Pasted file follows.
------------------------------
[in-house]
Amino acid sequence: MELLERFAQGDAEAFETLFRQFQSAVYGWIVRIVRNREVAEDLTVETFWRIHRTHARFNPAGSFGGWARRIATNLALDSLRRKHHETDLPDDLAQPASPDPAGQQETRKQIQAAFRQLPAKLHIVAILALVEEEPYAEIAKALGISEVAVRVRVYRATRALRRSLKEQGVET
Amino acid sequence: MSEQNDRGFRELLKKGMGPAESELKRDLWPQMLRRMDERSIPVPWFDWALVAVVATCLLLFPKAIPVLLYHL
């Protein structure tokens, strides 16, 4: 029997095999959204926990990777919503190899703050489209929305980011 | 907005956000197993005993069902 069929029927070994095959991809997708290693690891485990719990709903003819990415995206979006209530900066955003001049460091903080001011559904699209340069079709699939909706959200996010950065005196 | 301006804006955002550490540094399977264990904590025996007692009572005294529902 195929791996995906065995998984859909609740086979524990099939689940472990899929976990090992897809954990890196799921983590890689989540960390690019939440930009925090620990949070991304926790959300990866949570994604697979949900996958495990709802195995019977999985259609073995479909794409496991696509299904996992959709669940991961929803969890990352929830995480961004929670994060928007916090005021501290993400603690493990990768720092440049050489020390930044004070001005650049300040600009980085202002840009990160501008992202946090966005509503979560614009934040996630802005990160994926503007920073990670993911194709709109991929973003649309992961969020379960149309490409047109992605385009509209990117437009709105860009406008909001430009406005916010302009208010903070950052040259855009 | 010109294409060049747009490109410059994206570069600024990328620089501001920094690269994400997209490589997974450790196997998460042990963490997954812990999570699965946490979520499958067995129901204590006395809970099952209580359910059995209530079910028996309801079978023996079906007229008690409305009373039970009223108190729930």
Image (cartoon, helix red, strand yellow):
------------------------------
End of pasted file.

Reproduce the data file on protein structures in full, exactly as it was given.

[in-house]
Amino acid sequence: MELLERFAQGDAEAFETLFRQFQSAVYGWIVRIVRNREVAEDLTVETFWRIHRTHARFNPAGSFGGWARRIATNLALDSLRRKHHETDLPDDLAQPASPDPAGQQETRKQIQAAFRQLPAKLHIVAILALVEEEPYAEIAKALGISEVAVRVRVYRATRALRRSLKEQGVET
Amino acid sequence: MSEQNDRGFRELLKKGMGPAESELKRDLWPQMLRRMDERSIPVPWFDWALVAVVATCLLLFPKAIPVLLYHL
């Protein structure tokens, strides 16, 4: 029997095999959204926990990777919503190899703050489209929305980011 | 907005956000197993005993069902 069929029927070994095959991809997708290693690891485990719990709903003819990415995206979006209530900066955003001049460091903080001011559904699209340069079709699939909706959200996010950065005196 | 301006804006955002550490540094399977264990904590025996007692009572005294529902 195929791996995906065995998984859909609740086979524990099939689940472990899929976990090992897809954990890196799921983590890689989540960390690019939440930009925090620990949070991304926790959300990866949570994604697979949900996958495990709802195995019977999985259609073995479909794409496991696509299904996992959709669940991961929803969890990352929830995480961004929670994060928007916090005021501290993400603690493990990768720092440049050489020390930044004070001005650049300040600009980085202002840009990160501008992202946090966005509503979560614009934040996630802005990160994926503007920073990670993911194709709109991929973003649309992961969020379960149309490409047109992605385009509209990117437009709105860009406008909001430009406005916010302009208010903070950052040259855009 | 010109294409060049747009490109410059994206570069600024990328620089501001920094690269994400997209490589997974450790196997998460042990963490997954812990999570699965946490979520499958067995129901204590006395809970099952209580359910059995209530079910028996309801079978023996079906007229008690409305009373039970009223108190729930």
Image (cartoon, helix red, strand yellow):